To prevail on their Rule 56(f) motion, Defendants must show: "(1) that they have set forth in affidavit form the specific facts that they hope to elicit from further discovery, (2) that the facts sought exist, and (3) that these sought-after facts are 'essential' to resist the summary judgment motion." State of Cal. on Behalf of California Dept. Of Toxic Substances Control v. Campbell, 138 F.3d 772, 779 (9th Cir. 1986). Defendants, however, have not demonstrated that the additional discovery they seek is "essential to resist" Plaintiff's motion. See id. Plaintiff's motion addresses whether Defendants were authorized under law to enter his apartment without a warrant. The summary judgment evidentiary record indicates that the testimony Defendants seek is either cumulative of evidence already in the record or irrelevant to the motion. Therefore, Defendants' Rule 56(f) motion is denied.


The parties dispute the facts concerning Defendants' entry into Plaintiff's apartment and what transpired therein. However, Plaintiff adopts Defendants' version of the facts for the purposes of his motion for partial summary judgment, only disputing Defendants' characterization of the weapon Plaintiff allegedly used in the reported assault as well as several inferences Defendants seek to have drawn from that evidence. Defendants move to have certain declarations and exhibits attached to Plaintiff's motion stricken from the record. However, this portion of Defendants' motion is denied as moot because Plaintiff agrees that Defendants' version of the facts in the summary judgment record are to be used when deciding Plaintiff's motion.

The summary judgment evidentiary record reveals that on June 2, 2007, at approximately 10:51 p.m., Gina Kearney placed a 911 emergency telephone call to the police, reporting that twenty-five minutes earlier, Plaintiff threatened to kill her with a knife at Plaintiff's apartment. (Pl.'s Opp'n. to Defs.' Statement of Additional Undisputed Material Facts ("SAUF") ¶ 3; Defs.' Opp'n. to Pl.'s Separate Statement of Undisputed Material Facts ("SUF") ¶ 1; Powell Decl. ¶ 4.) In response to Kearney's 911 call, Defendants were dispatched to Kearney's residence at 1020 Santa Clara Street in Vallejo, California at approximately 11:19 p.m. (Pl.'s Opp'n. to Defs.' SAUF ¶ 3; Powell Decl. ¶ 5.)

When Defendants arrived at Kearney's residence, Kearney told Defendant Boyd that Plaintiff assaulted her earlier in the day when she went to his apartment to retrieve a car she had loaned him. (Defs.' Opp'n. to Pl.'s SUF ¶¶ 2-4.) Kearney also stated Plaintiff had been drinking. (Pl.'s Opp'n. to Defs.' SAUF ¶ 4.) When reporting the assault to Defendants, Kearney appeared upset, tearful, her hands were shaking, and she complained that the back of her head hurt. (Id. ¶ 8; Defs.' Opp'n. to Pl.'s SUF ¶ 10.) Defendants, however, did not observe any signs of physical injury. (Defs.' Opp'n. to Pl.'s SUF ¶ 10.)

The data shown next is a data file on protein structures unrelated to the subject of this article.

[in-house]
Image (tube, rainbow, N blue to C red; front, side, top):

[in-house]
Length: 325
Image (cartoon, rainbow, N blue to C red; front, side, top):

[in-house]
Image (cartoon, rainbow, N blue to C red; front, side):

Kearney further reported that when she was at Plaintiff's apartment, she and Plaintiff had an argument, in the course of which, Plaintiff "grabbed the back of her head and threatened to kill her while he held a butcher knife."*fn2 (Defs.' Opp'n. to Pl.'s SUF ¶¶ 3-4.)

Kearney said she then kneed Plaintiff in the groin, got a hold of the knife and called the name of the manager of the apartment building, Beverly Good. (Defs.' Opp'n. to Pl.'s SUF ¶¶ 5-6.) Good intervened, and the knife was removed from Plaintiff's apartment. (Defs.' Opp'n. to Pl.'s SUF ¶ 9; Pl.'s Opp'n. to Defs.' SAUF ¶ 7; Boyd Depo. 37:9-14, 38:24-25.)

After speaking with Kearney, Defendants left her home and went to Plaintiff's residence at 421 Louisiana Street in Vallejo, California, to speak with Plaintiff and hear his version of what had transpired. (Defs.' Opp'n. to Pl.'s SUF ¶¶ 11-12.) When Defendants arrived at Plaintiff's apartment, they observed that the door to the apartment was open. (Id. ¶ 19.) Defendants also saw that a light was on in the apartment, and rice was scattered on the kitchen floor. (Id. ¶ 20.) Specifically, Boyd testified he could see from the doorway of Plaintiff's apartment "rice all over the linoleum [kitchen] floor." (Boyd Depo. 64:9-10.) Boyd also testified, that from the doorway, he could see only the corner of the stove but could hear "gas or some type of noise." (Boyd Depo. 63:7-64:4.) Defendants' counsel stated at the hearing on the motions, that from the landing outside of Plaintiff's apartment, the Defendants could not tell if there was anything cooking on top of the stove.

While outside Plaintiff's apartment, Defendants announced their presence by calling out "Vallejo Police." (Pl.'s Opp'n. to Defs.' SAUF ¶ 24.) There was no response. (Id. ¶ 25.) After a few seconds, Defendants entered Plaintiff's apartment. (Id.) The doorway to Plaintiff's apartment opens into a small kitchen. After their entry, Boyd turned the stove burner off. (Pl.'s Opp'n. to Defs.' SAUF ¶ 11; Boyd Depo. 70:12.) Defendants moved from the kitchen into a bedroom, where they found Plaintiff lying in bed under blankets, and apparently asleep. (Defs.' Opp'n. to Pl.'s SUF ¶¶ 43-44, 47.) Defendants saw empty beer bottles on the night stand next to Plaintiff's bed. (Id. ¶ 52.) Defendants again announced their presence but Plaintiff did not respond. ...